Introduced in Israel in 1953, Yom HaShoah is the date in the Jewish calendar for Jews around the world to mourn the loss of the six million Jewish people murdered during the Holocaust and the damage and destruction caused to millions more lives.
Yom HaShoah is a day for internal reflection, often held within the synagogue or the wider Jewish community. It falls on the Hebrew date of 27 Nisan; the date changes annually in the Gregorian calendar but it falls within April or May. The date was chosen to mark the anniversary of the Warsaw ghetto uprising.
Jewish communities see the day as an opportunity to educate children, pass on the torch of remembrance, honour the victims and recognise the achievements of the survivors and refugees who have contributed to society today.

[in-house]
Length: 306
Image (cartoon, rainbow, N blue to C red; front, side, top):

Yom HaShoah is sometimes confused with Holocaust Memorial Day (HMD), which is held every year on 27 January, but they are two distinct days. HMD is a day for everyone in the UK, no matter their religion or ethnicity, to remember the victims of the Holocaust. HMD also commemorates all forms of Nazi Persecution, as well as subsequent genocides that have taken place in Cambodia, Rwanda, Bosnia and Darfur. It falls on 27 January each year to mark the day that the Auschwitz-Birkenau Concentration and Extermination Camp was liberated in 1945. Although HMD is a UK-based commemoration, 27 January is the International Holocaust Remembrance Day for both the EU and the UN, which has led to many European nations sharing the same memorial day.